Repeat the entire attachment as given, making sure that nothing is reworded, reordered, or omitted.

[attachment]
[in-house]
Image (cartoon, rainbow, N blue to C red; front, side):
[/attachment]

[in-house]
Image (cartoon, rainbow, N blue to C red; front, side):